How the 'bubbling' works
© University of Michigan
The process of blocking blood flow to a tumour is called embolisation, and using gas bubbles is a new technique in embolotherapy. What makes it so promising is that the technique allows doctors to control exactly where the bubbles are formed, so blockage of blood flow to surrounding tissue is minimal, said Joseph Bull, assistant professor of biomedical engineering at U-M.
The research of Bull and collaborator Brian Fowlkes, an associate professor in the Department of Radiology in the U-M Medical School, is currently focused on the fundamental vaporisation and transport topics that must first be understood in order to translate this developmental technique to the clinic. Gas bubbles allow very precise delivery because their formation can be controlled and directed from the outside, by a focused high intensity ultrasound.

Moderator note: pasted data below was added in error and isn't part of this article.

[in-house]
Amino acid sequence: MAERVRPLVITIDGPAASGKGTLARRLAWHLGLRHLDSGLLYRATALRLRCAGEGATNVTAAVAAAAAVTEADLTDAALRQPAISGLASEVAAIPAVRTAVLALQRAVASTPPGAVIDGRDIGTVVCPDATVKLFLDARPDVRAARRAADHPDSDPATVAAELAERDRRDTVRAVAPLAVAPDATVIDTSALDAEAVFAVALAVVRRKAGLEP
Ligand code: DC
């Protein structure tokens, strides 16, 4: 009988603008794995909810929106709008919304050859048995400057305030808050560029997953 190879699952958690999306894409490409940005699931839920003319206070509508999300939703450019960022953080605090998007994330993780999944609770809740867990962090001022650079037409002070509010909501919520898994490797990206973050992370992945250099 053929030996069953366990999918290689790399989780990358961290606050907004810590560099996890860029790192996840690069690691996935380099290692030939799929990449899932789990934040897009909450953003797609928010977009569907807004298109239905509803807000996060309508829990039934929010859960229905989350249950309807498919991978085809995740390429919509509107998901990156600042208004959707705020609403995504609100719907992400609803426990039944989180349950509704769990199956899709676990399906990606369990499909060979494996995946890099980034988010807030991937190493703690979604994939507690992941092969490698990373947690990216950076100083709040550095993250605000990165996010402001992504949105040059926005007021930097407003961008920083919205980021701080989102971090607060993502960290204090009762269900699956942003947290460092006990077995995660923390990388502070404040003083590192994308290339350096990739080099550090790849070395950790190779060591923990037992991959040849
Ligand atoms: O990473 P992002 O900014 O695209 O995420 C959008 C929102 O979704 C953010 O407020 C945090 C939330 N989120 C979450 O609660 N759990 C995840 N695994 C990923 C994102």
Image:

This envisioned technique is actually a two-step process, Bull said. First, a stream of encapsulated superheated perfluorocarbon liquid droplets goes into the body by way of an intravenous injection. The droplets are small enough that they don’t lodge in vessels. Doctors image the droplets with standard ultrasound, and once the droplets reach their destination, scientists hit them with high intensity ultrasound. The ultrasound acts like a pin popping a water balloon. After the shell pops, the perfluorocarbon expands into a gas bubble that is approximately 125 times larger in volume than the droplet.
"If a bubble remained spherical its diameter would be much larger than that of the vessel," Bull said. "So it deforms into a long sausage-shaped bubble that lodges in the vessel like a cork. Two or three doses of bubbles will occlude most of the (blood) flow." Without blood flow, the tumour dies.
COMPAMED.de; Source: University of Michigan